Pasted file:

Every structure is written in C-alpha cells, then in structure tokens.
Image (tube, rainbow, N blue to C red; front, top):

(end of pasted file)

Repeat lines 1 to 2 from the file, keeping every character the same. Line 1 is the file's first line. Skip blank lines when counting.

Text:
Every structure is written in C-alpha cells, then in structure tokens.
Image (tube, rainbow, N blue to C red; front, top):